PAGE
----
SOLD FOR: $1701
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Make: Markus (Marcus) Ogris, Ferlach, Austria
Model: Double Rifle
Serial Number: NSN
Year of Manufacture: 1901
Action Type: Top-Break Double-Hammer Rifle with Extractor and Dual Single Set-Triggers
Markings: The top of the barrel rib is marked “M. OGRIS IN FERLACH”. The underside of the barrel assembly and flats are marked with various inspection stamps and proofs. These include black powder proofs, “468”, “854”, “93” (twice), “5384.01.8.5”, and “99901.01”. The receiver, side plates, lever, hammers, and tang all feature scroll engraving.
Barrel Length: 24 1/8”
Sights/Optics: The front sight is a small rounded blade dovetailed into a rise at the front of the barrel rib. Ther rear sight is a v-notch with a secondary folding v-notch dovetailed to the barrel rib. There are mounts installed behind the rear sight for some form of detachable scope mount, but no mount is present. The top tang has a folding aperture sight. The sight appears to be missing a detent or spring, it folds freely.
Weight: 6 lb., 7.2 oz.
Stock Configuration and Condition: The stocks are two-piece checkered wood with lever-secured splinter forend, capped pistol grip, fluted straight comb with cheekpiece, and a checkered steel buttplate with swiveled trap door over a storage compartment for two rounds of ammunition. There is a sling swivel in the belly and mounted also on the bottom of the barrels. The buttstock has light nicks, dings, and compressions throughout with a few moderate drag lines and compressions on the belly. The wood where it meets the buttplate is darkest and has deeper grain lines. The most notable wear is at the toe. The right side has a crack at the top that runs from the end of the wood forward approximately 1 1/2”. The forend wood has light nicks and dings along the edge and, like the buttstock and grip, has darkened with age and oil. The buttplate is slightly proud to the wood. There are no chips. The LOP measures 13 7/8” front the front face of the forward trigger and 12 7/8” from the rear trigger to the back of the plate. The plate has gone to a light patina with some erosion at the heel and scattered light wear. Overall, the stocks rate in Good-to-Very Good condition.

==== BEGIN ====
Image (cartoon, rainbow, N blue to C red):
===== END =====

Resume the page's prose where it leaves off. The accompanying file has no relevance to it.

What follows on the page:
Type of Finish: Blued & Case Color
Finish Originality: Original
Bore Condition: Both bores are dark gray but have well-defined rifling. There are spots of light erosion scattered throughout along with moderate stubborn fouling. The bores have infrequent minor pitting with a spot of more notable pitting in the top of the left bore a few inches behind the muzzle.
Overall Condition: This rifle retains about 15% of its metal finish. Blue inish remains mostly in protected areas such as along the edges of the rib, around the sights and mounts, and on the bottom where protected by the handguard. The forend iron has strong case color on the interior while the exterior has mostly gone to a light-moderate patina. The receiver has case color on the water table and the lockplates around the hammer with some fairly strong case color on the trigger plate inside the guard. Most other surfaces have gone to a light-moderate patina. There are scattered light nicks and scuffs throughout along with a few clusters of light-moderate surface erosion. The sights have light tool marks. Most edges are worn to white. The screw heads are tool marked with serviceable slots and the markings are clear. Overall, this rifle rates in about Good condition.
Mechanics: The action functions correctly. The barrels lock up with no play to the receiver. The triggers are crisp, very light and crisp when set. Each trigger can be set by pushing the trigger forward until the trigger clicks. We have not fired this rifle. As with all used firearms, thorough cleaning may be necessary to meet your maintenance requirements.
Box, Paperwork, and Accessories: None.
Our Assessment: T.E. Lawrence said in Lawrence of Arabia, “Big things have small begginings.” Ferlach is a small town situated in the Rosental/Rož Valley of the Drava River deep in montainous Austria. It is known now as it has been for several hundred years as a hub of fine gunsmithing due to Empress Maria Theresa making its gunsmiths the armorers of the Habsburg Monarchy. In the 1700’s Maria Theresa had production focused mainly on the military, and the entire army was equipped with Ferlacher rifles. When the military production was moved to Steyr at the beginning of the 19th century, the gun makers began to specialize in the manufacture of commercial hunting weapons. Renowned for their precision, weapons made in Ferlach make the heart of every collector beat faster and are coveted by hunters all over the world. This example was made by M. Ogris in 1901. Information regarding M. Ogris is utterly missing, but the rifle on offer here speaks for itself. It’s plain to see that it has all the quality promised by manufacture in Ferlach despite the wear present. If you look beyond the effects of use and age, there are still spots of lovely case coloring and rich bluing. This was likely a prized and oft used hunting rifle whose wear is entirely consistent with use in the field. The chief virtue of this rifle is its weight—it is considerably lighter than its cousins at just over six pounds, making for an excellent stalking rifle that can be easily carried throughout the day (or days!) while on the hunt. Despite its light weight, it is still chambered for a cartridge that is more than up to the task of taking down any European game one might find whilst trapsing through the Austrian Alps. Mechanically, this rifle feels almost new—the lockup is utterly solid, the set triggers are light and function perfectly. Old world craftsmanship is becoming more rare, and the lucky winner will have in this rifle one of the best examples of it. Good luck and happy bidding!